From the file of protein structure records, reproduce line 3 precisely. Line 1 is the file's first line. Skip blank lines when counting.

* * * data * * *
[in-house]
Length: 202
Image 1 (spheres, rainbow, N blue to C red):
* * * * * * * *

Image 1 (spheres, rainbow, N blue to C red):